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Scientia sexualis versus ars erotica: Foucault, van Gulik, Needham, Orientalism

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My paper begins with a discussion on the scientia sexualisars erotica distinction, which Foucault first advances in History of Sexuality Vol. 1: The Will to Knowledge. The distinction has been repeatedly employed by scholars from a range of disciplines: to study D.H. Lawrence, or the history of Japanese homosexuality, or to talk about the Kama Sutra and Perfumed Garden, and indeed in analysis of Chinese sexual alchemy. Though Foucault subsequently expresses his doubts regarding his conceptualisation of the ‘essential differences’ between Western and Eastern discourses of desire, he never entirely disowns it. In fact, Foucault remains convinced that ancient China must have an ars erotica. So I will explore the making of History of Sexuality and Foucault’s sources of information. To that end, I introduce the work of Dutch diplomat and sinologist, Robert van Gulik, who published the tremendously influential Sexual Life in Ancient China in 1961, and also discuss Joseph Needham’s work on Daoist sexual alchemy. I argue that, Foucault, in his fierce polemic against the ‘Repressive Hypothesis’, himself imagined a utopian Other where pleasure and desire would be organised differently. This is another manifestation of the quiet ‘Oriental subtext’ in the work of the later Foucault. Nevertheless I suggest that the scientia sexualisars erotica distinction is still analytically useful if carefully reconfigured: for studying the transmission of knowledge and the rhetoric of ‘Third-World’ intellectuals interested in sex and its power to transform nations, at the moment of colonial modernity. I end with a discussion of Orientalism, and the project of sinography (contrasted to sinology), associated with comparative literature scholars Haun Saussy and Eric Hayot.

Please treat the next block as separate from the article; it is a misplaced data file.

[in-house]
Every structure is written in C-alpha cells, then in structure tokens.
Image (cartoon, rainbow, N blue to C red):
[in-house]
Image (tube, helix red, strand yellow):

This talk is part of the Departmental Seminars in History and Philosophy of Science series.

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